Roll your own – bootcamp?

Sure, you can pay $10k for a 10-week intensive course taking you from zero to hero. You can also take college classes to get a 2 yr degree and walk away $40k in debt. But with all the free training and learning sites and programs to choose from, why not just build your own bootcamp?

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Developer bootcamps are placement agencies looking to gather prospects for their customers – companies looking to hire new, fresh, (probably) cheaper, ambitious developers, DBAs, and QA. Not only do these companies feel better about hiring a bootcamp prospect because they went through the technical training provided by the bootcamp, these companies have a somewhat steady stream of new recruits to choose from lowering their costs for recruitment and marketing. Nothing is more appealing to a bootcamp graduate than somewhat guaranteed job placement (at the very least an interview), so upon “graduation” the first companies they turn to are the ones sitting at the job fair tables. It’s win-win-win.

CollCollege_graduate_studentseges and universities provide learning environments tailored to people devoted to studying, lectures, labs, and then eventually finding a job. Get a 4 yr degree from the UofM in computer science and you’re looking at a much broader range of career choices. However, you’ve likely not spent the last 8-10 weeks doing nothing but coding and building every day, so you’re an entirely different sort of prospect to a future employer.

So a bootcamp works out better for a short term schedule than college, but what if you have technical proficiency, with very little to no job experience to back it up? Do you really need the same bootcamp regimen that an air traffic controller desiring to become a .Net developer would need? Probably not.

Pro/Con

Bootcamps are beneficial for students looking to make a big change in a shorter timeframe, and beneficial to companies who hire them because they know how their new employee has been spending their time for the last 3 months. But they are expensive, and likely require travel and lodging outside your city of residence, or have a scheduled cadence that doesn’t line up with your plans. (many have their 10-week course once every few months) Colleges and universities are a huge investment in time and money, and while you can take the classes online to speed up the timeline, you’re likely not going to be coding and building on the latest and greatest in Java or .Net but instead learning about theoretical constructs of machine based learning, or C++. Also, you can’t get a job 10-weeks after starting a CS program at the U. Maybe you can, but it wont be the same job as a bootcamp graduate would get.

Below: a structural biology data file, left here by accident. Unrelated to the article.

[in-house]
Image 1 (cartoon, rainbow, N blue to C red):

What if you create your own bootcamp? Some of the benefits would be:

1 – Design your own courses specifically tailored to what you need to know and skip the intro’s

2 – Create your own timeline for graduation

3 – Build a portfolio with applications and projects you know to be the most attractive to potential clients and employers, not just the ones resulting from the class project(s)

4 – Show initiative and the ability to be a self-starter

5 – Not pay $10k for it all

The interview question

But what are the drawbacks? First of all, a potential employers first question in your interview will be, “so, what have you been doing for the past x months?” You don’t get to say, “I attended and graduated from Prime Digital Academy”, or “I have recently completed a CS degree at the U”.

Your answer is simple – say what you’ve been doing. “I have spent the last 6 months learning and building this portfolio of apps and websites” or “I have been focusing solely on coding and building several AngularJS sites with Rails API backends, and here it is on my phone. The source code is available on Github and Codepen, the API is running on Heroku..etc.”

Requirements

First, you obviously need to have a source of income or savings. How to manage this is difficult, but the more time each day you have for coding the sooner you’ll be to getting a job. Its that simple. There may be temptation to take a part time job or a full time job that is “easy” and then spend the rest of your time learning, but realize you’re being distracted and presented with the option of not completing your goals because hey, you’ve already got a job… Also when you update your resume and show you’ve had this job that has nothing to do with programming for a couple years, but now you want to be a programmer how is that going to look?